I didn’t know what was a doula was before the pregnancy, [back in 2006]. My husband and I didn’t end up getting one as I thought he would be enough. When my birth stalled, the nurse was actually trained as a doula and helped me turn the baby and progress to have a vaginal birth. Her support and care inspired my doula work.

From Child Brides to Girl Leaders and Mentors

child brideNearly 1 in every 2 girls in Uganda is married before the age of 18 and 60% of girls in Uganda are pregnant before they reach 18. Young girls in rural Nsaasi Village, Uganda represent some of the most marginalized girls in the region. In addition to forced marriage, high early pregnancy rates & the associated health risks, many of the girls we support have lost parents and are often living under the care of a female relative.

We see this every day because over 45% of the women we serve at The Shanti Uganda Birth House are between the ages of 14 and 19. 

The Power of Yoga

may 22 (42 of 42) (1)Things are always abuzz at Shanti in May: a large part of which is because of our Prenatal Yoga Teacher Training and Retreat! Our latest retreat took place from May 10-May 19, 2016: our retreat-goers came together for a ten-day program where they were immersed in the prenatal experience.  Surrounded by the beautiful atmosphere of Shanti Maternity and Learning Centre, this experience provided in-depth training in anatomy & physiology. It also included teaching techniques for every trimester, yoga philosophy as it relates to pregnancy and a lot of opportunity to develop confidence teaching pregnant women. After 40 incredible hours, the women are now certified as prenatal yoga teachers.

Prenatal yoga is a healthy practice to take up during pregnancy. The following are three ways in which this practice is helping the birth mothers here at Shanti, to feel great physically and mentally during their exciting 9 months.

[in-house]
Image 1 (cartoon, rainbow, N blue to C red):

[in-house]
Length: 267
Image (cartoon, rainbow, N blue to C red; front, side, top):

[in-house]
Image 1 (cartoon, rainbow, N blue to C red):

A Home Beyond Birth: Estar’s Story


Read Estar’s Shanti Journey as told by our Communications Intern in Uganda.

There is no better time to visit Shanti than on a busy Thursday morning. As I made my way down the Birth House’s path, I was greeted by the warm smiles of Shanti’s midwives. The day was early, but there were already dozens of women participating in a family planning and postnatal nutrition workshop. With growing baby bellies, and young babies on their laps, the women watched our Traditional Birth Attendant, Flora, eager to learn. As I scanned the crowd, one woman and her young boy smiled brightly.

After having a discussion with her, I learned that her name is Estar. Estar, 27, proudly shared stories of her two children, Simon Peter, 2, and Donnatus, 9 months old. Having both been born at Shanti, her sons have become familiar with Shanti’s positive environment. Today, Donnatus and his mother walked one mile from home to receive his vaccination.

Living not far from Shanti, Estar reminisced of when she first learned about the Birth House. She recalled seeing it being built when walking down the road in 2009. Since first seeing Shanti, Estar has been visiting as a client for many years. With a beaming smile, she told me how caring Shanti’s midwives are. Having seen many other facilities throughout her life, she constantly recommends the Birth House to her family and friends as she recognizes Shanti’s staff, clean and friendly environment, and variety of services.

Shanti’s Impact to Date

IMG_0855 (1)Uganda has one of the highest fertility rates in the world, with an average of six children per woman. Additionally, 33% of women will have their first child before the age of 18. Approximately 16 women die giving birth every day in Uganda and adolescent pregnancies are at particularly high risk for complications and death. However, with access to a skilled midwife, 90% of all maternal mortality is completely preventable. It is Shanti’s mission to provide skilled midwives to all of our clients in a safe, nurturing, and empowering environment.

With the assistance and care of six registered Ugandan Midwives, one Traditional Birth Attendant and a Lab Technician, 20-30 babies are born at Shanti each month. These women are highly valued at the Birth House as their training is exceptional and uncommon. In Uganda, only 38% of midwives are fully qualified which often results in an inability to deal with complicated births.

We are so grateful to have trained and experienced midwives at Shanti who are able to facilitate the following excellent services: